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32. W. Zhang, W. Li, and J. Yao, “Optically tunable Fano resonance in a grating-based Fabry-Perot cavity-coupled microring resonator on a silicon chip,” Opt. Lett. 41(11), 2474–2477 (2016). [CrossRef]   [PubMed]  

33. Y. Shuai, D. Zhao, Z. Tian, J. H. Seo, D. V. Plant, Z. Ma, S. Fan, and W. Zhou, “Double-layer Fano resonance photonic crystal filters,” Opt. Express 21(21), 24582–24589 (2013). [CrossRef]   [PubMed]  

34. C. Qiu, P. Yu, T. Hu, F. Wang, X. Jiang, and J. Yang, “Asymmetric Fano resonance in eye-like microring system,” Appl. Phys. Lett. 101(2), 021110 (2012). [CrossRef]  

35. Y. Tian, Y. Zhao, W. Chen, A. Guo, D. Li, G. Zhao, Z. Liu, H. Xiao, G. Liu, and J. Yang, “Electro-optic directed XOR logic circuits based on parallel-cascaded micro-ring resonators,” Opt. Express 23(20), 26342–26355 (2015). [CrossRef]   [PubMed]  

References

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  1. U. Fano, “Effects of configuration interaction on intensities and phase shifts,” Phys. Rev. 124(6), 1866–1878 (1961).
    [Crossref]
  2. A. E. Miroshnichenko, S. Flach, and Y. S. Kivshar, “Fano resonances in nanoscale structures,” Rev. Mod. Phys. 82(3), 2257–2298 (2010).
    [Crossref]
  3. J. H. Wu, J. Y. Gao, J. H. Xu, L. Silvestri, M. Artoni, G. C. La Rocca, and F. Bassani, “Ultrafast all optical switching via tunable Fano interference,” Phys. Rev. Lett. 95(5), 057401 (2005).
    [Crossref] [PubMed]
  4. S. Fan, “Sharp asymmetric line shapes in side-coupled waveguide-cavity systems,” Appl. Phys. Lett. 80(6), 908–910 (2002).
    [Crossref]
  5. L. Y. Mario, S. Darmawan, and M. K. Chin, “Asymmetric Fano resonance and bistability for high extinction ratio, large modulation depth, and low power switching,” Opt. Express 14(26), 12770–12781 (2006).
    [Crossref] [PubMed]
  6. F. Wang, X. Wang, H. Zhou, Q. Zhou, Y. Hao, X. Jiang, M. Wang, and J. Yang, “Fano-resonance-based Mach-Zehnder optical switch employing dual-bus coupled ring resonator as two-beam interferometer,” Opt. Express 17(9), 7708–7716 (2009).
    [Crossref] [PubMed]
  7. L. Zhou and A. W. Poon, “Electrically reconfigurable silicon microring resonator-based filter with waveguide-coupled feedback,” Opt. Express 15(15), 9194–9204 (2007).
    [Crossref] [PubMed]
  8. F. Hao, Y. Sonnefraud, P. Van Dorpe, S. A. Maier, N. J. Halas, and P. Nordlander, “Symmetry breaking in plasmonic nanocavities: subradiant LSPR sensing and a tunable Fano resonance,” Nano Lett. 8(11), 3983–3988 (2008).
    [Crossref] [PubMed]
  9. C. Y. Chao and L. J. Guo, “Biochemical sensors based on polymer microrings with sharp asymmetrical resonance,” Appl. Phys. Lett. 83(8), 1527–1529 (2003).
    [Crossref]
  10. Y. F. Xiao, V. Gaddam, and L. Yang, “Coupled optical microcavities: an enhanced refractometric sensing configuration,” Opt. Express 16(17), 12538–12543 (2008).
    [Crossref] [PubMed]
  11. S. E. Harris, “Lasers without inversion: Interference of lifetime-broadened resonances,” Phys. Rev. Lett. 62(9), 1033–1036 (1989).
    [Crossref] [PubMed]
  12. M. Kroner, A. O. Govorov, S. Remi, B. Biedermann, S. Seidl, A. Badolato, P. M. Petroff, W. Zhang, R. Barbour, B. D. Gerardot, R. J. Warburton, and K. Karrai, “The nonlinear Fano effect,” Nature 451(7176), 311–314 (2008).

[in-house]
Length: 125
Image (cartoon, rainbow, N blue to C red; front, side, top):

[Crossref] [PubMed]
  13. K. Totsuka, N. Kobayashi, and M. Tomita, “Slow light in coupled-resonator-induced transparency,” Phys. Rev. Lett. 98(21), 213904 (2007).
    [Crossref] [PubMed]
  14. C. Wu, A. B. Khanikaev, and G. Shvets, “Broadband slow light metamaterial based on a double-continuum Fano resonance,” Phys. Rev. Lett. 106(10), 107403 (2011).
    [Crossref] [PubMed]
  15. W. Zhang, A. O. Govorov, and G. W. Bryant, “Semiconductor-metal nanoparticle molecules: hybrid excitons and the nonlinear fano effect,” Phys. Rev. Lett. 97(14), 146804 (2006).
    [Crossref] [PubMed]
  16. X. Yang, M. Yu, D. L. Kwong, and C. W. Wong, “All-optical analog to electromagnetically induced transparency in multiple coupled photonic crystal cavities,” Phys. Rev. Lett. 102(17), 173902 (2009).
    [Crossref] [PubMed]
  17. V. A. Fedotov, M. Rose, S. L. Prosvirnin, N. Papasimakis, and N. I. Zheludev, “Sharp trapped-mode resonances in planar metamaterials with a broken structural symmetry,” Phys. Rev. Lett. 99(14), 147401 (2007).
    [Crossref] [PubMed]
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  20. B. A. Block, T. R. Younkin, P. S. Davids, M. R. Reshotko, P. Chang, B. M. Polishak, S. Huang, J. Luo, and A. K. Y. Jen, “Electro-optic polymer cladding ring resonator modulators,” Opt. Express 16(22), 18326–18333 (2008).
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  22. S. Xiao, M. H. Khan, H. Shen, and M. Qi, “Silicon-on-insulator microring add-drop filters with free spectral ranges over 30nm,” J. Lightwave Technol. 26(2), 228–236 (2008).
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  23. M. Khorasaninejad, N. Clarke, M. P. Anantram, and S. S. Saini, “Optical bio-chemical sensors on SNOW ring resonators,” Opt. Express 19(18), 17575–17584 (2011).
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2016 (1)

2015 (1)

2013 (3)

2012 (2)

X. Zhao, J. M. Tsai, H. Cai, X. M. Ji, J. Zhou, M. H. Bao, Y. P. Huang, D. L. Kwong, and A. Q. Liu, “A nano-opto-mechanical pressure sensor via ring resonator,” Opt. Express 20(8), 8535–8542 (2012).
[Crossref] [PubMed]

C. Qiu, P. Yu, T. Hu, F. Wang, X. Jiang, and J. Yang, “Asymmetric Fano resonance in eye-like microring system,” Appl. Phys. Lett. 101(2), 021110 (2012).